Del Potro Advances To US Open Final As Nadal Retires
The first game of the match was a harbinger of things to come. Rafa Nadal, the #1 player and defending champion, was broken in his opening service game of this semifinal and two hours and two sets later, retired from the match.
The knee, which had been taped in a previous match as well as this one, once again betrayed him. Three grueling matches in the oppressive heat and humidity, no doubt took an exacting toll on his fragile physique.
Juan Martin del Potro, the #3 seed and 2009 US Open champion could not consolidate the break and dropped serve when his formidable forehand sailed long.
Level at 1-1, Nadal managed to hold despite two netted backhands on consecutive points. They remained on serve thru eight games, both playing aggressively from the baseline and painting the lines.
At 4-4, Nadal faced double break point when he overcooked a lob and netted a forehand on successive points. The Spaniard, seemingly perturbed, lost serve when del Potro unloaded on a massive forehand that Nadal was unable to return.
The Argentine served for the set at 5-4 but was tentative as he committed three unforced errors to drop serve. Level at five games apiece, it appeared a tie-break was imminent.
Nadal held at love for 6-5 hitting a fantastic forehand down the line winner on game point while Del Potro held to 30 when Nadal netted a backhand on game point.
Level at 6-6, Nadal served first in the tie-breaker. Nadal got lucky with a net cord but not lucky enough. Del Potro, unlike in the ninth game, played to win and took a commanding 6-3 lead in the breaker following several huge serves and lethal forehands. The Argentine closed out the breaker 7-3 when Nadal netted another backhand.
Del Potro served first in the second and although he missed four first serves, held with an exquisite backhand drop shot on game point.
Perhaps to considerably shorten the points, Nadal repeatedly ventured into the net, winning close to 70% of the points. In his first service game of the second set, Nadal charged the net only to watch his opponent’s blistering backhand pass him down the line.
The Argentine continued to deliver on the forehand but also displayed deft touch earning double break point with a terrific forehand stab volley.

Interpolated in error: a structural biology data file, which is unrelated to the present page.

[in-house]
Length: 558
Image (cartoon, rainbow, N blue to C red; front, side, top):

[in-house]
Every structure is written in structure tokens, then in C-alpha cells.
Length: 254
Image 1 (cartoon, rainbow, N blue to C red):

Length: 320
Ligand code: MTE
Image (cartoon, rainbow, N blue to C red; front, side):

Nadal saved one break point with an extraordinary inside-out forehand winner and the other when del Potro’s backhand return found the net. The Spaniard salvaged the hold when del Potro miss-hit a drop shot.
Del Potro, held at love for 2-1 following a forehand volley winner and an ace on consecutive points. For the duration of the changeover, Nadal received a medical timeout during which he grimaced as his knee was massaged and taped.
Nadal faced triple break point as his opponent continued to execute brilliantly on the backhand down the line. The Spaniard saved one with an incredible forehand down the line but dropped serve when another forehand sailed long.
Although down 0-30 in his next service game, del Potro recovered spectacularly striking two forehand winners down the line, an inside-out forehand and a cross-court backhand winner to hold for 4-1.
Nadal struggled in his next service game facing three deuces and two break points but battled admirably to hold for 2-4 following an acute cross-court forehand winner, ace and a missed service return.
Del Potro held at love for a commanding 5-2 lead. Nadal, serving to stay in the second set, opened with a colossal cross-court forehand winner and an ace on successive points. On the very next point, he appeared sluggish as he struggled to reach a forehand which he netted and on the subsequent point, donated a double fault.
The 17-time grand slam champion faced break point when he overcooked another forehand. Noticeably limping, Nadal, still charged the net and was rewarded for his efforts; del Potro’s forehand passing shot missed wide.
After a second deuce and break point, Nadal was broken to lose the set 2-6 when del Potro unleashed a jaw-dropping inside-out forehand winner. Nadal, moments later, regrettably informed del Potro and the chair that he could no longer continue.
This was not the way the in which the Argentine had hoped to progress to his second US Open final but on Sunday, September 9th, he will do battle with the reigning Wimbledon and two-time US Open champion, Novak Djokovic. Be sure to add extra recording time on your DVR because this championship bout is going the distance.